Consider the Tort Reform movement as a phenomenon of public relations.
This movement wasn’t born overnight. It took decades of concerted and patient planning. From the 1970s on, lobbyists, policymakers, intellectuals, and journalists worked together to manufacture a new form of legal lore. These “populist tort reformers” drilled down deep and came up with a fine-grained common sense belief system that could be embedded in and disseminated by popular tort stories. These were mythic tales, parables really, with iconic characters and vivid details.
For example, have you heard the one about the psychic who lost her powers after a CAT scan and sued for damages? How about the guy who sued after having grown addicted to milk? Or what about the elderly woman who won a $2.9 million jury verdict against McDonald’s after she spilled a cup of hot coffee in her lap?
These popular (and grossly distorted) law stories could be tag lines in a Jay Lenno comedy monologue. In fact, most of them have been. And that’s the point. Told from a certain angle, these anecdotal tales are funny, and pathetic, but they pack a powerful moral punch. It’s what they’ve been designed to do. They warn us about (1) slackers, self-professed victims, who insist on blaming others for their own faults; (2) greedy and unscrupulous lawyers who play the system for cash; and (3) hapless jurors who get hoodwinked in the process. These carefully chosen narratives reveal the plague of lawyers in our midst and the litigation explosion that they’ve unleashed.
Of course, social scientists over the years have marshaled empirical data showing there is no litigation explosion. As Marc Galanter has recently written, in most forums “the absolute number of trials has undergone a sharp decline.” It is a familiar scenario. The experts trot out their statistical findings and expect that ‘the truth shall set us free.’ The problem is, no one seems to be listening – certainly not the public.
Why not? Part of the reason, as Berkeley linguist George Lakoff explains, is that “Frames trump facts.” The words we hear and use, like the images we see, make sense in reference to particular frames (including images, metaphors, and anecdotes). When Johnny Cochran tells jurors to ‘keep your eyes on the prize’ he is cuing up images from the popular civil rights documentary by that name. Likewise, when prospective voters are shown a ‘menacing’ image of Willie Horton or a pack of wolves, they are being cued to experience fear in connection with domestic security concerns. To comprehend or be moved by a fact, it has to fit the frame.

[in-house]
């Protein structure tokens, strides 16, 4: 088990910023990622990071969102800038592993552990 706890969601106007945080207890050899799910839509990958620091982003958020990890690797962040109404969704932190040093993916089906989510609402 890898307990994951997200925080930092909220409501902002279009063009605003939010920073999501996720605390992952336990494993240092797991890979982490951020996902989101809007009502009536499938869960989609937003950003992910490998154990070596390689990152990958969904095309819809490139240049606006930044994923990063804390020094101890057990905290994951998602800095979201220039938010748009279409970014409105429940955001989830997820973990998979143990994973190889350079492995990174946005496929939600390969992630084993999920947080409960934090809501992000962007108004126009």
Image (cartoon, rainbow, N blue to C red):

What, then, is the ordinary common sense frame for tort reform? In Distorting the Law: Politics, Media and the Litigation Crisis, Haltom and McCann show that it’s the same frame that dominates the conservative social policy agenda championed by President Bush and the Republican Party. At its core lies an ethos of personal responsibility, self-discipline, and self-reliance. As Governor Bush admonished in his State of the State Address in 1995: “Discipline, strong values, and strict rules go hand-in-hand with our love for our children…[We] must build community-based boot camps and detention centers…Texas must lower to 14 the age at which the most violent juveniles can be tried as adults.” Lakoff calls this the “Strict Father” frame. And it’s this frame that the tort reformers have tapped into.
Backed by conservative think tanks like the Manhattan Institute for Policy Research, and using sophisticated marketing and publicity techniques through organizations like the American Tort Reform Association, tort reformers have exploited popular scripts lifted from the culture wars play book. The moral of their stories is clear: lawyers are undermining the core ethos of personal responsibility and self-reliance by fostering frivolous “litigation lotteries” which promise undeserved windfalls.
Some of this, of course, is hardly new. Public relations and the engineering of consent have been with us since the early twentieth century. For example, in 1922, Walter Lippmann wrote: “A leader or an interest that can make itself master of current symbols is the master of the current situation.” Over the years, spin techniques have gotten better – the beneficiary of numerous insights garnered from social psychology, cognitive anthropology, and linguistics. In addition, the scene of spin has shifted from arenas focused exclusively upon the spoken and printed word. Advocates must now adapt their message to new forms of communication technology, most notably the ubiquitous electronic screen.
Center for Media and Democracy (on tort reform);
Commonweal Institute (on tort reform);
Yale ’62 Law home (alum on history of tort reform);
Stayfree Magazine (interview with Prof. Stuart Ewen on history of public relations movement in the United States)